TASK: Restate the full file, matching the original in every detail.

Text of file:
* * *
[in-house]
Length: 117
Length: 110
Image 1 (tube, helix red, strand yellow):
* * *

[in-house]
Length: 117
Length: 110
Image 1 (tube, helix red, strand yellow):